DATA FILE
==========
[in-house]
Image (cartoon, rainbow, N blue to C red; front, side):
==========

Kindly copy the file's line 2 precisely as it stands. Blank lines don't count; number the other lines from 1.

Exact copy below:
Image (cartoon, rainbow, N blue to C red; front, side):